Brands have been successful in building trust through attentiveness, transparency, and simplistic communication. Transparency about safety measures, aligning with customer concerns, and getting straight to the point has been a key enabler of trust in this time. McDonald’s Philippines displayed this strategy by creating a video where CEO Kenneth Yan detailed the safety measures the company was taking for the safety of its employees and customers. While this may seem intuitive, McDonald’s communication is effective as it differs from a flood of advertisements that present employees as ‘heroes’ which has later received significant criticism for its generalization and overlooking the necessity of seeing these employees as individuals who also need protection. Many companies have also had positive feedback from rapidly developing corporate social responsibility initiatives which are giving back to the community during these hard times, from Tesla reorganizing its production lines to build and donate ventilators, or Uniqlo’s clothing factories producing masks for donation to multiple countries.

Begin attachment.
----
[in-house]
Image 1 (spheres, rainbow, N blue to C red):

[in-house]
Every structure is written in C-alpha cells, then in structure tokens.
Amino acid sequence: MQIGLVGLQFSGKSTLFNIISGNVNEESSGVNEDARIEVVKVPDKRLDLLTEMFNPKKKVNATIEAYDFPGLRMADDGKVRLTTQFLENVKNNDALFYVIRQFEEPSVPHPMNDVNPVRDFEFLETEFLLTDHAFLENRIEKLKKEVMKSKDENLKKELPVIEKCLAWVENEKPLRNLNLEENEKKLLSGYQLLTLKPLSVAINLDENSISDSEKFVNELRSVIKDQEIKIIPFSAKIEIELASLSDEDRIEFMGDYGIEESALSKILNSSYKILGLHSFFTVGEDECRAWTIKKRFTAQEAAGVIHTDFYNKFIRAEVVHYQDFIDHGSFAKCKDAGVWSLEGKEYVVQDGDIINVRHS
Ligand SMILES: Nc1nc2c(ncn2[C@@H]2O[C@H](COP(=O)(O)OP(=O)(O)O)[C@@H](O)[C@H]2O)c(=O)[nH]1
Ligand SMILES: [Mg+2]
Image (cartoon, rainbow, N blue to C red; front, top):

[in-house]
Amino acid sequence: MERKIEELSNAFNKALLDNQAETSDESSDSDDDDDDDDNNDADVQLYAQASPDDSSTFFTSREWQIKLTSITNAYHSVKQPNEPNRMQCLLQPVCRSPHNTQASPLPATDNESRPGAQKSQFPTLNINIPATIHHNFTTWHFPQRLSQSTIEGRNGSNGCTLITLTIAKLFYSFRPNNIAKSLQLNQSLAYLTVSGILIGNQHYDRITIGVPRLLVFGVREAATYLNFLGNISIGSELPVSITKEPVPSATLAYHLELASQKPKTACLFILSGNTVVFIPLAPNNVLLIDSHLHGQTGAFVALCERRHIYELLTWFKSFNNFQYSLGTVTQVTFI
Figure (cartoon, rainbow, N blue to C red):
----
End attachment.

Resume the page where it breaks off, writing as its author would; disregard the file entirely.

2020 has enforced the need for brands to show their loyalty to customers instead. In many ways, a brand’s loyalty to its consumers is tested by such times and those that are able to put a humane foot forward triumph as trustworthy brands. In this trust economy during COVID-19, consumerism is driven by allowing customers to “pull” the required information from the environment, rather than having the information “pushed” onto them.
From product to brand
While most marketing and advertising strategies in recent years have focused on driving product sales and increasing product placements in popular culture shows, as well as through the rising influencer culture, with the pandemic, strategies have shifted to pure brand image building. Brands have employed two key approaches – Protection and Enhancement. Brands following the former approach have chosen to lay low, stop advertisements that were previously running, and distance themselves from the negative news uproar with Covid-19. Those taking the latter, however, have kept the larger picture in mind and focused on integrating themselves in solution-generation in the midst of a global crisis.